Much Ado About Nothing on Futenma
Mihoko Matsubara /
“Man is a giddy thing,” William Shakespeare might say, looking at the fuss over the relocation project of Futenma Air Station. Nevertheless, the Democratic Party of Japan (DPJ) would never ask, “Dost thou not suspect my years?” The DPJ’s 2010 election manifesto emphasized the need for a strong alliance between Japan and the United States, a significant change from the 2009 election platform which sought a more equal alliance and reduced U.S. military presence in Japan.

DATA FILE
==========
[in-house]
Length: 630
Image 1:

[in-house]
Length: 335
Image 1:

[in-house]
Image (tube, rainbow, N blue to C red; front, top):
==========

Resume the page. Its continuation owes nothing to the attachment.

Okinawa has been a cornerstone of the Japan-U.S. security alliance during the last 50 years. The little island rose in importance during the DPJ’s first year in office as it appeared that it might make or break the bilateral relationship after Prime Minister Yukio Hatoyama declared that his government would not abide by a previous agreement for the relocation of the Futenma Air Station. As a result, tensions rose amongst the U.S., Japan, and Okinawa over when and where to relocate the air station and how to reduce the military “burden” on Okinawa. Futenma is critical for the United States to support ground forces operations for a contingency on the Korean Peninsula. (more…)